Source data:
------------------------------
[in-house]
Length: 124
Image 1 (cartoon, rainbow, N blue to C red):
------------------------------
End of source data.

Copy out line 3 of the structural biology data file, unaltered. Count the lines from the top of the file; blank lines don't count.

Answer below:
Image 1 (cartoon, rainbow, N blue to C red):